I graduated from the University of Sheffield in 2012 with a BSc in Geography and have recently completed an MSc in Climate Change and Environmental Policy here at the University of Leeds.
My MSc thesis involved working with Bettys and Taylors Group to analyse the scale of forest loss occurring in the tea cultivating region of Mt. Mulanje, Malawi, using remote sensing techniques and examining the micro-level drivers of deforestation in this area. Which led on to a comparison of energy demand for biomass between the local population and the tea industry.
I am interested in the role of bioenergy in developing countries, how competition for biomass can lead to widespread deforestation, which affects both the micro-climate and global climate change and how this may ultimately impact agricultural productivity.
My PhD will involve working with Bettys and Taylors Group, looking at how to increase supply chain resiliency in the tea and coffee industry under the constraints of increasing biomass demand, deforestation and climate change.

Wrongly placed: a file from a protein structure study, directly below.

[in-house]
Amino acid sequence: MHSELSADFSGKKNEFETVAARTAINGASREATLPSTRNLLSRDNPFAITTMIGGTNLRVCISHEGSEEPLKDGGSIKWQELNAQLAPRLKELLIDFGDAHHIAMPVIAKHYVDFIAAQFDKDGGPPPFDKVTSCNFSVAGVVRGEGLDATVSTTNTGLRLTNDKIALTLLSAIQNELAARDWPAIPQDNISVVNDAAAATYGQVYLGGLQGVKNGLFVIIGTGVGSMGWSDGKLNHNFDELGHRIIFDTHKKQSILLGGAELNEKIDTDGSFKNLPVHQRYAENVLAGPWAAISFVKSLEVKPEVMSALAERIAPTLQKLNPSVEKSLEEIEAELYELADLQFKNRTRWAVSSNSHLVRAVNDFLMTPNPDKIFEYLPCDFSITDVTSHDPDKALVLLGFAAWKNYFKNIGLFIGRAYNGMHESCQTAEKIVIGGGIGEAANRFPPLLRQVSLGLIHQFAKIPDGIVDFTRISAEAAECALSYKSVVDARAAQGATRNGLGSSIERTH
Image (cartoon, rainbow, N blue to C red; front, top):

Why I chose the CDT in Bioenergy
After returning to academia to begin my MSc, I knew that I was interested in pursuing a PhD and the CDT in Bioenergy was suggested to me by one of my Master’s thesis supervisors. The multidisciplinary nature and flexibility of the Bioenergy programme was what attracted me most to the course, as it allows me to develop knowledge and a skills base in energy and engineering, where I have no previous experience, while continuing research and work with supervisors in the School of Earth and Environment. Additionally, the CDT in Bioenergy provides the opportunity to develop professional and transferrable skills, which isn’t often an area emphasised as heavily upon in other PhD schemes, but is an aspect that I feel will be hugely beneficial when moving on from academia.